Ankles Deep In A Grave

A couple of days ago, I stood as a member of the congregation, celebrating the resurrection of Christ. There was a powerful force behind the singing that morning that was palpable. I was struck with their passion as I stopped singing a few times to just look around, see, and listen to the worship.

One thing that I began to chew on was this concept of an empty grave–that moment when the body comes alive, but hasn’t yet exited the tomb. At some point, you have to leave the tomb. You can’t just continue to sit there. It’s time to go out and live your new life.

And yet, while I know that I have been risen to new life in Christ, I so often feel like I’m still ankles deep in a grave. I’m not dead. But I’m stuck, unable to move, with my feet in the grave, while my head dreams of being elsewhere.

Of course, there are seasons of life where we are called to sit and wait. But we are never called to sit and wait in our graves. So how do we know the difference

1. We know that we are ankles deep in a grave when our stillness is due to fear.

It’s one thing to wait on God’s clear leading. But it’s another thing to just stay where you are out of fear of moving forward. If you can’t dream or explore the world because you are afraid, then you’re still standing in your grave.

2. We know that we are ankles deep in a grave when our excuses are filled with lies.

If you are standing still in life, then why are you standing still? If the answers do not align with the gospel, then you’re probably still standing in your grave. If your answers contain reasons that are antithetical to your relationship with your Father, then you’re still standing in your grave.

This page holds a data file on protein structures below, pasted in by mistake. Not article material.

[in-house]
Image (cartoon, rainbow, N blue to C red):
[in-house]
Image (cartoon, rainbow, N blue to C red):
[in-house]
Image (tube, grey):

3. We know that we are ankles deep in a grave when we live in isolation.

One of the most obvious signs of living in a grave is being alone. Of course, we need our alone time. And there’s nothing wrong with being introverted. But if nobody really knows you, if nobody knows what it’s like to be loved and appreciated by you, if nobody knows what it’s like to laugh with you or tell stories with you, then you’re still standing in your grave.

4. We know that we are ankles deep in a grave when we no longer dream.

Dead bodies don’t dream. They lack the awareness of past, present, and future. They have no desires. They just waste away into dust. If you don’t think about your life with dreams, then you’re still standing in your grave.

5. We know that we are ankles deep in a grave when we no longer enjoy life.

I’ve read stories of people who were buried with their favorite food on their tongue, or drink in their hand. Of course we laugh at that. Dead bodies don’t taste and enjoy life at all, let alone to the fullest. But Christ came that we would have an abundant, full life. If you don’t enjoy living, if you shrug at the small things, then you’re still standing in your grave.

The beauty of Easter is that it draws us out of our graves. Because we are in Christ, we can walk out of our tombs as He did. We can touch others lives as He did. We can taste and see that God is good like He did. We are no longer dead. So let’s lift our ankles and live!

 

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